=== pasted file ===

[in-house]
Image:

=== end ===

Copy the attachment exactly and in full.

[in-house]
Image: